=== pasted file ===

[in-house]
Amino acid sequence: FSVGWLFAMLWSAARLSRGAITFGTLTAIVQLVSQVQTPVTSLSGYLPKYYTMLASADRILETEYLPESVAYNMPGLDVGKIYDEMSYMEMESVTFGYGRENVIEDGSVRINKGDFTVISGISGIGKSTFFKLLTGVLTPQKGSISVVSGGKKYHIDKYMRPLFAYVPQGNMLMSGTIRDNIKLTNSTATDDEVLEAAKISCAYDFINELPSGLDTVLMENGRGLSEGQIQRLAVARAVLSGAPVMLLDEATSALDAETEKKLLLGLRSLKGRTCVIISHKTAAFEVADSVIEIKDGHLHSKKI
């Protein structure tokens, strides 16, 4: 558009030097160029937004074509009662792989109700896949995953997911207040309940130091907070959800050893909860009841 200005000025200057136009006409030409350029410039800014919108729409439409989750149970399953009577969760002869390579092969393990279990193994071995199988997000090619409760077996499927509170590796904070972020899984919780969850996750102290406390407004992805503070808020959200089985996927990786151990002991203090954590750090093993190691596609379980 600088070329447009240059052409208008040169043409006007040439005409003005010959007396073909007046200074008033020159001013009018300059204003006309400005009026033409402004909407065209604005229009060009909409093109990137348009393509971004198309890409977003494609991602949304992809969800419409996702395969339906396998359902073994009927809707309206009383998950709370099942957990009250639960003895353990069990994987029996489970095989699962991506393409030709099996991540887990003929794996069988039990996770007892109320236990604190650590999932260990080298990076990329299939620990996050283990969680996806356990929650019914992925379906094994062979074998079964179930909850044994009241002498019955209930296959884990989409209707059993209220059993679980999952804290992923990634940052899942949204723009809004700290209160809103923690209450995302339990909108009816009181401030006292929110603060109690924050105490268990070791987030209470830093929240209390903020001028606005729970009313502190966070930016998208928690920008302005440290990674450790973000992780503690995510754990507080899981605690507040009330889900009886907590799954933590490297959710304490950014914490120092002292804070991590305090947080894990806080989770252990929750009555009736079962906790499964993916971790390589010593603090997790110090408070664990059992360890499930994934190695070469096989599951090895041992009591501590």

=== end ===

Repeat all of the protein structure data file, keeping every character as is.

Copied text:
[in-house]
Amino acid sequence: FSVGWLFAMLWSAARLSRGAITFGTLTAIVQLVSQVQTPVTSLSGYLPKYYTMLASADRILETEYLPESVAYNMPGLDVGKIYDEMSYMEMESVTFGYGRENVIEDGSVRINKGDFTVISGISGIGKSTFFKLLTGVLTPQKGSISVVSGGKKYHIDKYMRPLFAYVPQGNMLMSGTIRDNIKLTNSTATDDEVLEAAKISCAYDFINELPSGLDTVLMENGRGLSEGQIQRLAVARAVLSGAPVMLLDEATSALDAETEKKLLLGLRSLKGRTCVIISHKTAAFEVADSVIEIKDGHLHSKKI
């Protein structure tokens, strides 16, 4: 558009030097160029937004074509009662792989109700896949995953997911207040309940130091907070959800050893909860009841 200005000025200057136009006409030409350029410039800014919108729409439409989750149970399953009577969760002869390579092969393990279990193994071995199988997000090619409760077996499927509170590796904070972020899984919780969850996750102290406390407004992805503070808020959200089985996927990786151990002991203090954590750090093993190691596609379980 600088070329447009240059052409208008040169043409006007040439005409003005010959007396073909007046200074008033020159001013009018300059204003006309400005009026033409402004909407065209604005229009060009909409093109990137348009393509971004198309890409977003494609991602949304992809969800419409996702395969339906396998359902073994009927809707309206009383998950709370099942957990009250639960003895353990069990994987029996489970095989699962991506393409030709099996991540887990003929794996069988039990996770007892109320236990604190650590999932260990080298990076990329299939620990996050283990969680996806356990929650019914992925379906094994062979074998079964179930909850044994009241002498019955209930296959884990989409209707059993209220059993679980999952804290992923990634940052899942949204723009809004700290209160809103923690209450995302339990909108009816009181401030006292929110603060109690924050105490268990070791987030209470830093929240209390903020001028606005729970009313502190966070930016998208928690920008302005440290990674450790973000992780503690995510754990507080899981605690507040009330889900009886907590799954933590490297959710304490950014914490120092002292804070991590305090947080894990806080989770252990929750009555009736079962906790499964993916971790390589010593603090997790110090408070664990059992360890499930994934190695070469096989599951090895041992009591501590």